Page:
Last week we talked about the two most wanted-to-know questions about bilinguals, if you missed them, you can check them out first and then carry on with this post with the mystery title with it. Maybe I am overreacting a little, but that’s the fun part of it.
After reading the first post, it’s already crystal clear that life it’s not always fancy for those strange beings –the bilinguals. There are the messy beginnings, but I suppose that’s just life.
Before coming to Scotland I had all sorted out in my mind:
- In one or two months I will be an official bilingual.
- In one year I will be already over-qualified to start a degree in English.
It’s funny how learning a language in the actual country is not what is cracked up to be. It’s like, by magic, the fact that you are there, maybe something in the air, or the British tea (hmm) will make you release the tongue and your posh English will come out, out of the blue.
How did I manage to learn English (or rather get a plain decent level of communication)? That’s another post, stay tuned!
But how do we manage to stay (mostly) sane while learning the language and what we don’t tell you while we smile politely and nod? That’s the real deal here.
Tip number 1 when you are trying to read a book in another language for the first time? –never try to translate every single word you don’t understand– because by an hour you will still be learning all the possible ways of saying the word potato from the first line (just kidding, stay here!). You need to flow with the story, so only translate the words that really keeps you from understanding the main point so you don’t surrender on the way. Ok, that sounds very good. Shall I try it in normal conversations? Yeah, why not. I reckoned I started understanding 50% from conversations, and I was sort of happy with that.
Nodding, smiling and freaking out with every single pitch of interrogation because, oh boy, it’s my turn. Sweet.
Then, time goes by and your confidence builds up, along with the percentage perceived. That’s just how it is. Someday you will confess to your very-patient-God-bless-them-friends that you have not understood every single word they say, but you got the message (eventually).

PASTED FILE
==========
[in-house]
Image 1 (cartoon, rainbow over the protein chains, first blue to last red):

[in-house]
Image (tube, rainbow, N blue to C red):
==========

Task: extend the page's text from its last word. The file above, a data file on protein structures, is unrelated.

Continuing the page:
Another thing you need to know is that we do notice our lack of expressiveness (maybe more like you), and it can be very annoying. We can hear something shocking, incredible, hard to believe… we are about to come up with something cool, and then…
–Oh, that’s good!.
You panic, you need more time to think.
Ouch. I thought it was just me until one of my friends, who is learning Spanish, admitted to me how frustrating was feeling completely blank when she meant to relate emotionally to someone in Spanish. Jokes are another story, but honestly, be patient because even the most “weirdo” (hi!) end up being able to crack some decent jokes (
or so I was told).
Similar thoughts on going blank here, do you remember I told you in the last post how it is not really possible to be translating your thoughts while talking? sometimes that means you just go blank, and it could be very frustrating when wanting to make new friends. I consider myself a bit (
a tiny bit) socially-awkward person, so awkward silences make me nervous, I admit it, mainly because I kinda feel is me who has to say something.
One wonderful life-changing experience in Scotland was when I actually confessed to one of my first best buddies how I was so sorry cause I felt I couldn’t be completely myself with her due to the language barrier. You start to feel comfortable, loved and you just want to offer who you are, but your mouth and your mind don’t seem to be in sync. It honestly got to the point where It was extremely suffocating. But at that crucial moment, my friend spoke some grace into my life.
-Ale, you don’t need to prove anything, I know your heart, don’t worry.
And I could breathe again. Why was it life-changing for me? I realized how the right people will just get you, will be patient and your friendship will be marked by those funny and unique moments. It gave me hope and from then on, I aimed to be as gracious as my friend was with me (Thanks, Jen) with other people going through the same. Take note of this:
You never see the whole picture, be always patient and kind.
“Love is patient and kind(…) “-1 Corinthians 13:4 (Bible)
(Sight) So, there you have it. Some things your bilingual friend never tells you (and maybe should start telling you). A big hug to the people living in a foreign country and have ever felt this way (I feel you!) –Life will get easier, keep studying and remember, you know already a language! You just love a good extra challenge.
Thanks to the bunch of folks who were and are patient with me while learning and made me feel welcome.
We need more people like you.
And you who read this, thank you.
Do you want to send me some thoughts/experiences on this or maybe just correct my English mistakes? Feel free! I am here to learn too, it’d be very appreciated.
Comment down below or drop me an email to firstname.lastname@example.org.